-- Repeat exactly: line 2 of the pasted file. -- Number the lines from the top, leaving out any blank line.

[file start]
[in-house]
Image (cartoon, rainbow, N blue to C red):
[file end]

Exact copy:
Image (cartoon, rainbow, N blue to C red):